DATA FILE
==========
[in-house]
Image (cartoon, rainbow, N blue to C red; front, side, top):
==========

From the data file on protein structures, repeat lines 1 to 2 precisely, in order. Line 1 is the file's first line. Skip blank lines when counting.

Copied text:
[in-house]
Image (cartoon, rainbow, N blue to C red; front, side, top):